Russian/Baltic architecture along the grid of old town's streets, realized during the Russian occupation of the city in 1878–1918, singles out the city in Turkey. Fethiye Mosque (Fethiye Camii) in the city centre, originally built by Russians in the occupation period as a church, is the only mosque in Turkey having that distinctive architectural style.
The Church of Apostles just below the castle, now known as Kümbet or Kethuda Mosque (Kümbet/Kethuda Camii), is also well worth a look. The building was originally an Armenian church built in 10th century, and upon capturing the city, Ottomans converted it to a mosque in 1579. Later, when Russians came over, it became a church again, this time serving Russian Orthodox believers. After the Turks took back the city, it served for non-religious purposes for a time (such as a warehouse), and in 1998 consecrated as a mosque again.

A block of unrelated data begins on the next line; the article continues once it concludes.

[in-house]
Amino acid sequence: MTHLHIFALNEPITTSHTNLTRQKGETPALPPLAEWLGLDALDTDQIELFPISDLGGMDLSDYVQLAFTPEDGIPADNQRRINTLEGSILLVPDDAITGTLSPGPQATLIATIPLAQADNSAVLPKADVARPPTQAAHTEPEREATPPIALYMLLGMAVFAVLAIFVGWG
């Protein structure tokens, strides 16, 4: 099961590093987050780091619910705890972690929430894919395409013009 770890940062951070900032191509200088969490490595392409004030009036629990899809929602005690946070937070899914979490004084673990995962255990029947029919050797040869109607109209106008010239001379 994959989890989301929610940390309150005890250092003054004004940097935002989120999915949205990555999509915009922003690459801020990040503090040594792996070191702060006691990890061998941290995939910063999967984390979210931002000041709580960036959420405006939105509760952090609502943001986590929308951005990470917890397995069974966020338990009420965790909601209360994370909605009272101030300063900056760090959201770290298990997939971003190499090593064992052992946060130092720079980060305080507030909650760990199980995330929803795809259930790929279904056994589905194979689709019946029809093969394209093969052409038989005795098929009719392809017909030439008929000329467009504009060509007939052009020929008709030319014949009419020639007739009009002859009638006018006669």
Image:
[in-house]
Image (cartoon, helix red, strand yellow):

Friday Bath (Cuma Hammam) by the river - you can see it from the castle. Completely derelict but worth a look inside if you don't mind pigeons and a lot of broken glass.